Teachers from the North East have been comparing notes with colleagues in Novosibirsk. Geraldine Brennan reports from Siberia
The snow is back for our last day in Siberia although it's late April, a few weeks past the Russian Orthodox Easter. Olga Petukhova's class of eight-year-olds in Novosibirsk, the Trans-Siberian Railway's biggest stopping point almost bang in the centre of Russia, has been composing riddles about eggs: "Something alive and not alive; something white and something yellow; something soft or something hard; a house for a chicken with no windows." The pupils have drawn eggs, studied them in science and made illustrated books about Humpty Dumpty and the goose that laid the golden egg.
Ms Petukhova is a teacher at Sofia school, one of two in Novosibirsk using the Children Readers programme developed by the Siberian Centre of Innovative Teaching Technologies. (Technologies translates as methods here, while creativity translates mostly as creative writing.) The Children Readers programme is "a communicative approach not usually found in schools", says the director, Eugene Serdyuk.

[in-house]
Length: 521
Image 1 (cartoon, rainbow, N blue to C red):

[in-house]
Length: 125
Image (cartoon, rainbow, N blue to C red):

"The global problem of Russian children is that they have a stereotype of behaving well. But it is often the case that the most rebellious children are the most successful later. Children of this age (Years 3 to 6) are starting to question everything. Children need to be allowed to be children, to make mistakes, touch things."
So at Sofia school, the first independent school in Novosibirsk, set up 15 years ago, Ms Petukhova breaks a raw egg on to a plate patterned with birds and passes it around, encouraging the children to pick it up. "In the past," she says afterwards, "the egg would only be introduced in biology and the teacher would never allow an egg, or anything else, to be broken."
Her lesson, part of a new wave of interactive topic-based teaching in Novosibirsk, may not be rocket science to the party of observers from primary schools in the north-east of England, but it makes an impression.